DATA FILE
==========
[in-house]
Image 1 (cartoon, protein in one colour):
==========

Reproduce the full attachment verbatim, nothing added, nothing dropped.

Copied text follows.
[in-house]
Image 1 (cartoon, protein in one colour):